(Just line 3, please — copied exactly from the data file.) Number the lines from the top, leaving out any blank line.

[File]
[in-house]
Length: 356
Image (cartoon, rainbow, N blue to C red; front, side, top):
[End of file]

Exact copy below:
Image (cartoon, rainbow, N blue to C red; front, side, top):